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Mortgage Q&A: Check fees that go with note rate
Question of the Day
The latest updates in the world economic forum have been favorable to U.S. interest rates. The problems in Greece continue to pressure the demand for anything that has to do with financial instruments in Europe.
The byproduct of this situation is the flow of money into good ol’ U.S. Treasury bonds. As worldwide investors suck up our beloved American debt, the price of the debt goes up and the yield drops. Mortgage rates follow, albeit slowly. The yield on the 10-year Treasury bond fell to 1.8 percent last week - the lowest since last February.
After an early morning announcement of the Greek debacle, I anxiously waited for the mortgage rates to come out. Predictably, mortgage rates dropped, but not to the degree many would think.
I have told clients the same thing for 20 years: Mortgage rates are very slow to follow the 10-year Treasury bond down. But they are very swift to follow the yield up when it spikes.
The bottom line is that rates have fallen slightly. By the time this column is published, things could be different. I have dozens of refinancers in “the pipeline” with a locked interest rate, waiting for the cumbersome process to be completed so they may enjoy the benefit of this cheap money.
Their rate is locked, which protects them in case rates rise while their loan application is still in the process. When they hear that rates have fallen further, they invariably ask if they can get a better rate.
In some cases, I can offer some kind of float-down, which allows a locked rate to drop to a reasonable level if the market allows. Some mortgage investors won’t budge. Others have some flexibility. My choice of a mortgage investor depends on the borrower’s objectives.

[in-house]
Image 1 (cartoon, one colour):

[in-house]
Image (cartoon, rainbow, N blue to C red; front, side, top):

I received a call from a client who inquired about a “float-down.” Indeed, we were able, and already had, dropped his rate from 4.25 percent to 4.125 percent with the same closing-cost credit of $3,800. He appreciated the float-down, but did mention that his co-worker had received a rate of 3.875 percent, although he admitted he didn’t know what sort of fees were involved in his co-worker’s loan.
I’ve said this many times before. A quoted interest rate is meaningless without knowing the fees.
I jumped on the website of mortgage giant Freddie Mac, which reported an average rate of 3.87 percent with an average of .80 percent in “points.” This means that a rate of 3.87 percent, on a $300,000 loan, for example, will require that the borrower pay standard closing costs, typically in the range of $3,200, plus .80 percent of the loan amount in points, or $2,400.
I’ve run the numbers a million times. A 4.125 percent rate with no costs beats a 3.875 percent rate that costs $5,600 any day of the week.
Before you get sucked into that seemingly great note rate, make sure you’re not throwing the baby out with the bath by paying $5,600 in fees.
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